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Restoration Works

OCMS is housed by SS Phillip and James Church, a Grade I Listed Building. This building was commissioned to the architect George Edmund Street who is renowned by his major work, The Royal Courts of Justice in London. The church was built in 1860 and consecrated in 1862. It was used for worshiping purposes until the 1970s, when it was declared redundant and its use was changed to other aims. The church retains all its original features, with the exception of the reredos, which were replaced in 1883. It contains metalwork by Joseph Leaver and stone and wood carvings by Thomas Earp.

angel St George and the Dragon
St George and the Dragon are sculpted in the lintel to the north transept of the church. The angel is situated in one of the capitals of the columns in the nave.

The SS Phillip and James church is considered one of the most exquisite examples of the Victorian Gothic Revival and it is our duty to look after its maintenance and restoration. We often have costly repairs and restoration works which need carrying out. This year we need to raise £40,000 in order to protect the beautiful stained glass windows in the church, and as our building is no longer recognised as a functioning church, we are very limited in organisations which we can apply to for funding. We will instead be increasingly reliant on our donors and the local community in Oxford to help us fund repair and restoration works.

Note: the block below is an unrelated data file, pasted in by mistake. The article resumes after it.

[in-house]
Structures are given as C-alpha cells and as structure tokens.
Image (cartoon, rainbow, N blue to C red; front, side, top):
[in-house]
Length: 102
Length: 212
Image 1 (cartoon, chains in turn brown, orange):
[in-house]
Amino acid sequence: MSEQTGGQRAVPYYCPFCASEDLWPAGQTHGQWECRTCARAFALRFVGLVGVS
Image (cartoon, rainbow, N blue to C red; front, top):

nave, reading area and altar

View of the Nave, the reading area and the altar from the west Gallery.

academic discussions

Academic discussions, tutoring, and student life are staged amongst the outstanding features of the building.

Student blog

Terry Garde - Kenya Fieldwork Diary

Jeremiah Johnston (OCMS Alumnus)

Flora and the OCMS family

Usha Reifsnider

Interfaith and International Vigil for Peace

Worku Mohammed

Anonymous Student - This student wishes to remain anonymous due to the sensitive situation he currently works in

Student blog

Students are encouraged to submit blog entries for this space, either about their time in residence in Oxford, or their work in the field, or their life outside of OCMS.